I mentioned a couple of weeks ago that we would soon be interviewing folks to serve as our sons' certified waiver option providers. Here's the back story.
About 10 or 12 years ago, a friend asked if our kids were on The List. I said I have no idea, what's The List? This, said she, is The List your kids with special needs must be on in order to get care (a place to live) when they become adults. It was her understanding that in order to get services you had to be at the top of The List (TL). So. I said how do we get on TL? She said call your case manager at the County Department, which in our case is now called the Lucas County Development Disabilities Board (LDD.) I remembered that long before that, we had contact with LDD, because our kids are adopted through another county agency and they connected us. At least I think that's how we met, but it might have been through the county's special ed pre-school program. Quite honestly, those days are a blur now. There's no learning curve for this.
I spoke with caseworker Susan, who said that TL is indeed the roster of folks who need various support services, either as children or adults. Our kids lived at home so for the time being that aspect of their lives was okay. But what if? we keel over and die? we are medically incapacitated? we just plain get too old to care for the boys? Then what do we do? Enter Certified Waiver Option Providers.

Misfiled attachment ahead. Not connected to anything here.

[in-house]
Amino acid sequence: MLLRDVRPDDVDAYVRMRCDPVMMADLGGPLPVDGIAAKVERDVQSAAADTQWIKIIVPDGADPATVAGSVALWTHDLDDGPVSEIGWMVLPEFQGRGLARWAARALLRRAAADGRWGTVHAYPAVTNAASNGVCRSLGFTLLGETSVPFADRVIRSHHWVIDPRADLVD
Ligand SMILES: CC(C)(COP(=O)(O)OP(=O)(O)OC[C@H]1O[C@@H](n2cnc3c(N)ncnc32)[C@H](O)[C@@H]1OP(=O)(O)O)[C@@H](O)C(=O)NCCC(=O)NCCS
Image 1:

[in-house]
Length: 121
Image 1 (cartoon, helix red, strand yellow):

|Lucas County Children's Home|
But then how to care for your children at home presented its own set of problems. Lots of problems. Every thing from school to babysitters to diet to medical supplies to diapers to transportation, you name it, it was a problem to over come. I thank God everyday that other brave parents fought those battles and came up with creative solutions. And if not solutions, then at least systems to work out the problems.
Back to our story. When I spoke with caseworker Susan those 10 years ago, she said yes, both boys are on The List. I said so what now? She explained that all of the folks who might need services, who are known by the LDD, are placed on the list, taking into consideration the child's age, severity of need, and parent's ages. So our kids are lower on the severity side of things, but DH and I are way up on the age side. As I was talking to Susan, she said, "Some of the parents of our clients still have their adult children living at home and the parents are in their 60s!" I said, "Um, DH is now 61 and I'm 47, and the boys are 10 and 12." She said, "Oh, honey, you just shot right to the top of The List." Whew, the safety net was out.
And now here we are, ten years later. The boys made it to the top of the list. (Bittersweet, because it means someone who was receiving services has passed away.) And given that our current alleged governor is trying to get rid of Big Government, he's eying the services for people with special needs. Jerk. Our new caseworker Bill is pushing us to get lined up with services, in case Gov. Asshole gets his way. We're hoping that folks currently receiving services won't have those services cut, which Gov. A-hole also suggested. Jerk.
So now we have to make some decisions. None of these are binding for all time, but if we can get a good fit now, it will give the boys long term stability. We worked with Bill to create profiles and current needs of the boys to give to providers. Several have responded to our inquiries, and we've interviewed a couple.
So to make a short story long, we're hoping to find 'friends' for the boys at this stage of the game. More on that later. Gotta go pick one up from school now, he says he's sick. Tired and weary is more like it, I imagine.
(P.S. I'm not using the real names of caseworkers and providers.)